Will Jordan: The All Blacks try-scoring machine set for World Cup debut

Will Jordan made his All Blacks debut in 2020

Sign up to our free sport newsletter for all the latest news on everything from cycling to boxing

Sign up to our free sport email for all the latest news

Thanks for signing up to the
Sport email

As New Zealand head to France for the Rugby World Cup, they have one task on their mind. Win back to the World Cup which evaded them in 2019. The All Blacks had won the previous two – in 2011 and 2015 – but fell short to England in the semi-finals in Japan.

Four years on, a new squad with fresh faces has emerged, none more exciting than the prolific Will Jordan. The 25-year-old has endured his fair share of injury troubles leading into the tournament but looks primed to make his mark on the grandest stage.

Born in Christchurch, Jordan first began to make a name for himself as a teenager at Christchurch Boys’ High School, a school which has also developed All Blacks greats such as Dan Carter.

In his final year at school, Jordan scored 19 tries in 11 games to finish as the top try scorer in the UC Championship, a school-based competition. Just two years later, he would appear in his first international  – the 2017 Junior World Cup – starting at full-back as New Zealand beat England in the final to win the competition.

Fresh out of school, Jordan signed provincial side Tasman Mako where he continued to make headlines with his breathtaking performances. In his first year, he won the club’s Player of the Year award and already began to attract interest from a host of Super Rugby sides.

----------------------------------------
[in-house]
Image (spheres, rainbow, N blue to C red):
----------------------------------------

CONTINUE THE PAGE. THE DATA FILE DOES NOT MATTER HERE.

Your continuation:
However, the promising full-back would have to deal with the first hurdle of his career, as 2018 saw him miss eight months with an inner-ear issue which led to vertigo and vision problems.

“It was difficult to diagnose at first,” Jordan later recalled in an interview with the All Blacks. “Concussion was thrown out there, I had some neck problems and ultimately what happened was that I had this inner-ear problem that was causing me to get the balance and vision problems.

“It was definitely frustrating. I think anytime you’re out for that length of time, there are doubts and frustrating moments come through.”

Will Jordan has been a prolific try scorer in an All Blacks shirt

Having negotiated his spell on the sidelines, Jordan returned to his devastating best and eventually made the move to Super Rugby, joining the Crusaders at the end of 2018. In the three completed seasons since his arrival, the team has won three successive titles, with Jordan notching up 38 tries in just 58 games.

With such devastating finishing ability, it was not long before he received a call-up to the All Blacks, making his debut as a replacement against Australia in November 2020.

Much like his club career, Jordan would get off to a rapid start, scoring twice off the bench against Argentina in his second cap before registering five tries in his this appearance as part of a 102-0 win against Tonga.

Since those opening few games, Jordan’s electric form has continued. Playing for the All Blacks on the right wing – rather than full back where he starts for the Crusaders – Jordan has run in 23 in just 25 games for his national side. His efforts were rewarded in 2021 when he was named World Rugby Breakthrough Player of the Year.

Coming into a World Cup year, however, Jordan once again endured an injury-affected season having suffered a recurrence of the inner ear and migraine-related that saw him miss eight months in 2018.


Jordan has been forced to sit out another ten months from late 2022 until mid-2023, missing almost the entirety of the Super Rugby season. When he returned to the All Blacks side in July to face South Africa in the Rugby Championship, it marked his first New Zealand appearance in over ten months.

Now ready for the World Cup, the All Blacks have their try-scoring machine back ready to be unleashed once again onto the world stage. As they chase their record-breaking fourth World Cup, Jordan will be at the forefront of their plans.

Source: Read Full Article